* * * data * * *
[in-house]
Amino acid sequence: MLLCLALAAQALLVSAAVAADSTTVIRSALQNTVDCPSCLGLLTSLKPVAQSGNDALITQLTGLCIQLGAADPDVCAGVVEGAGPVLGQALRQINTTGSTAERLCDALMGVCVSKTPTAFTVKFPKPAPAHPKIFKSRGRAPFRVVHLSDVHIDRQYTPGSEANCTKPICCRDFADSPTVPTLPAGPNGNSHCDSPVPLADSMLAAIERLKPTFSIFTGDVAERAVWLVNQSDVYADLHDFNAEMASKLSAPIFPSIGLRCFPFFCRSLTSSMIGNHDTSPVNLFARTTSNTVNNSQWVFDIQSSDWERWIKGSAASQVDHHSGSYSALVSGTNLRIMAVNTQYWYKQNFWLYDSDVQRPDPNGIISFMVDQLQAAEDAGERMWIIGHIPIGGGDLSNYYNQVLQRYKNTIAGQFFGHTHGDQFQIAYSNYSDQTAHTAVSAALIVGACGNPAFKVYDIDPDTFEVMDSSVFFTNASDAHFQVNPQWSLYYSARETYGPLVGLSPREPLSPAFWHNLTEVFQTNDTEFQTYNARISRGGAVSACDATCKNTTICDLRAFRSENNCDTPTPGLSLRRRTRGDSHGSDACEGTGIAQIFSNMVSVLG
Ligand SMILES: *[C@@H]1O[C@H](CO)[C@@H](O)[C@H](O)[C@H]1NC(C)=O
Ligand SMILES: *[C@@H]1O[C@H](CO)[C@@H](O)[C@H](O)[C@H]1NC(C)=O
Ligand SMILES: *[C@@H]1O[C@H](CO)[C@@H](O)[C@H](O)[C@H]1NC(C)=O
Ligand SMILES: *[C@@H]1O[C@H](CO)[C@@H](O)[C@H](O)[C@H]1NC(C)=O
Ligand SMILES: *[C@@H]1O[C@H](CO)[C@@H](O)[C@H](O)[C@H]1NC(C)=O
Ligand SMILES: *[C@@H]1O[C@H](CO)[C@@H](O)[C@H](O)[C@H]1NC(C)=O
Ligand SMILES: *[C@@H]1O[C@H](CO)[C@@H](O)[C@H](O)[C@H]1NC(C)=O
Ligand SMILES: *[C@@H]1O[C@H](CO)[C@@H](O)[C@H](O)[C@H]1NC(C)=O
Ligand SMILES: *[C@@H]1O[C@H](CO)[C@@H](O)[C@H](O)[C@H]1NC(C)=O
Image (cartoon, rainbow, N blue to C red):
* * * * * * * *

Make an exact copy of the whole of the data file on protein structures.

[in-house]
Amino acid sequence: MLLCLALAAQALLVSAAVAADSTTVIRSALQNTVDCPSCLGLLTSLKPVAQSGNDALITQLTGLCIQLGAADPDVCAGVVEGAGPVLGQALRQINTTGSTAERLCDALMGVCVSKTPTAFTVKFPKPAPAHPKIFKSRGRAPFRVVHLSDVHIDRQYTPGSEANCTKPICCRDFADSPTVPTLPAGPNGNSHCDSPVPLADSMLAAIERLKPTFSIFTGDVAERAVWLVNQSDVYADLHDFNAEMASKLSAPIFPSIGLRCFPFFCRSLTSSMIGNHDTSPVNLFARTTSNTVNNSQWVFDIQSSDWERWIKGSAASQVDHHSGSYSALVSGTNLRIMAVNTQYWYKQNFWLYDSDVQRPDPNGIISFMVDQLQAAEDAGERMWIIGHIPIGGGDLSNYYNQVLQRYKNTIAGQFFGHTHGDQFQIAYSNYSDQTAHTAVSAALIVGACGNPAFKVYDIDPDTFEVMDSSVFFTNASDAHFQVNPQWSLYYSARETYGPLVGLSPREPLSPAFWHNLTEVFQTNDTEFQTYNARISRGGAVSACDATCKNTTICDLRAFRSENNCDTPTPGLSLRRRTRGDSHGSDACEGTGIAQIFSNMVSVLG
Ligand SMILES: *[C@@H]1O[C@H](CO)[C@@H](O)[C@H](O)[C@H]1NC(C)=O
Ligand SMILES: *[C@@H]1O[C@H](CO)[C@@H](O)[C@H](O)[C@H]1NC(C)=O
Ligand SMILES: *[C@@H]1O[C@H](CO)[C@@H](O)[C@H](O)[C@H]1NC(C)=O
Ligand SMILES: *[C@@H]1O[C@H](CO)[C@@H](O)[C@H](O)[C@H]1NC(C)=O
Ligand SMILES: *[C@@H]1O[C@H](CO)[C@@H](O)[C@H](O)[C@H]1NC(C)=O
Ligand SMILES: *[C@@H]1O[C@H](CO)[C@@H](O)[C@H](O)[C@H]1NC(C)=O
Ligand SMILES: *[C@@H]1O[C@H](CO)[C@@H](O)[C@H](O)[C@H]1NC(C)=O
Ligand SMILES: *[C@@H]1O[C@H](CO)[C@@H](O)[C@H](O)[C@H]1NC(C)=O
Ligand SMILES: *[C@@H]1O[C@H](CO)[C@@H](O)[C@H](O)[C@H]1NC(C)=O
Image (cartoon, rainbow, N blue to C red):